India is a large, newly industrialised South Asian nation with a population of 1.
15 billion. Following India’s independence from the British Empire in 1947, its leaders adopted socialist inspired politics, as they blamed extensive regulation, public ownership and government intervention for India’s low level of economic growth. However, after the liberalisation of the economy in 1991 due to its near collapse during the Gulf War, India began to integrate into the global economy. As India adopted a market-oriented economy, various measures were implemented to break down the centrally planned system and drive future growth. This opening of the Indian economy has exposed the nation to both the positive and negative effects of globalisation. Globalisation refers to the increased connectivity and mobility of the worlds markets and businesses.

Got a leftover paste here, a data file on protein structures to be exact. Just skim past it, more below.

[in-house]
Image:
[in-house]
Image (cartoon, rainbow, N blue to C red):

As a result of this, economic growth has surged, and India’s presence upon the international stage is ever mounting. Yet many of these reforms have come with unintended consequences. Globalisation-related environmental changes are rapidly destroying critical ecosystems while ageing infrastructure is struggling to facilitate urbanisation. India’s policies fail to recognize the long-term impacts of current reforms and without change, India will damage its future. As India began its transition into the global economy, it implemented various measures to improve its economic performance.
These multidimensional reforms targeted five specific areas; the agricultural sector, industrial sector, trade sector, financial sector and fiscal policies (M. Helen, 2008). Although agricultural sector reforms received less priority than other reforms they remain a major part of the Government’s amendments. The plans focused on improving research, strengthening infrastructure and removing domestic restrictions.